While walking your shih tzu you see a snake, and your dog is determined to eat the reptile for lunch. You finally convince them to turn around, and then you notice an eagle soaring overhead. You begin to wonder if your area’s wildlife is a threat to your precious pooch. Our team at Burlington Veterinary Clinic wants to educate you on these wild animals. We recommend precautions you should take to protect your pet.
Are snakes a threat to my pet?
Most snakes will not bother humans or pets unless they feel threatened, but will strike out if provoked. A venomous snake bite can be fatal for your pet. Two venomous snake species inhabit Connecticut, both classified as pit vipers, and identified by their thick, fat bodies, vertical pupils, triangular heads, and facial pits between their eyes and nostrils.
- Timber rattlesnake — Rattlesnakes are aptly named because of the rattle at the tip of their tail that is made of hollow keratin and causes a distinct noise when the snake vibrates the tail. Their hemotoxic venom causes excessive bleeding and tissue damage, and skin grafts and limb amputation are sometimes required.
- Copperhead — Copperheads have hourglass-shaped bands down their body, and will imitate the rattlesnake by vibrating their tail when provoked. Their venom is also hemotoxic.
To prevent your pet from a snake bite, follow these few guidelines:
- Keep your dog leashed at all times and monitor the objects they investigate.
- Do not allow them to stick their heads under heavy brush or in holes.
- Keep cats indoors.
- If your pet is bitten, take them to the veterinary hospital immediately.
Are coyotes a threat to my pet?
As urban areas invade their natural habitats, coyotes are becoming more prevalent in neighborhoods. Coyotes seldom attack cats and dogs, but a few safety measures will help keep your pets secure.
- Never intentionally feed a coyote. They have a natural instinct to avoid humans, and feeding them will make them feel less inclined to stay away.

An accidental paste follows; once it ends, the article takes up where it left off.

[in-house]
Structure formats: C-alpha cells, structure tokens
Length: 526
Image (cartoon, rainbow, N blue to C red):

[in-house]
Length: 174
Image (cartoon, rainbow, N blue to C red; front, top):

- Do not feed your pets outside. The food and dirty bowls will attract the coyotes, who will mark your yard as a food source.
- Remove dirty grills and compost piles that could attract coyotes.
- Do not allow your pets outside alone.
- Do not walk your pet at night. If that is unavoidable, take a flashlight.
- Install a fence. To keep coyotes out, the fence should be six feet high and extend six inches underground. You can also install a coyote roller to prevent them from climbing over your fence.
Be aware that coyotes are protective moms who give birth in April and are therefore more aggressive from April to August. If your pet is attacked by a coyote, bring them to our Burlington Veterinary Clinic immediately.
Are bears a threat to my pet?
Like coyotes, bears are now seen more frequently in urban settings. Bears typically leave pets alone, but take these few steps to keep the bears from frequenting your yard.
- Never feed your pet outside. Like coyotes, they will be drawn to the food smell.
- Take your garbage inside at night or invest in a bear-resistant container.
- Clean your grill thoroughly with bleach or ammonia between uses.
- Enclose your compost.
If you do come in contact with a bear, making yourself as large as possible, yelling loudly, and clapping your hands should scare the bear away. Never, never run. If your pet is injured by a bear, they will need immediate veterinary care.
Are birds of prey a threat to my pet?
Eagles, hawks, owls, osprey, falcons, and kites are classified as birds of prey. These birds cannot carry anything that weighs more than them, so attacks on pets are rare. When pets have been victims of prey birds, they typically have been dropped after a few feet and have sustained only mild bruises and scrapes. Still, protect your pet from these birds by following a few guidelines.
- Never leave your pet alone outside.
- String reflective tape in your yard.
- Hang shiny pie tins in your trees.
- Use noise makers that produce loud booms.
If a bird of prey attacks your pet, examine them closely, and seek immediate veterinary attention if they have sustained any puncture wounds, or if they were dropped from a significant height. They may be suffering from internal damage that is not obvious.
Most wild animals are content to mind their own business and allow you and your pet to do the same. By taking a few precautions to respect these animals, while still showing good judgement, you can avoid any unfortunate occurrences. Do not hesitate to contact Burlington Veterinary Clinic’s Fear Free team if your pet has an unlucky wildlife encounter.
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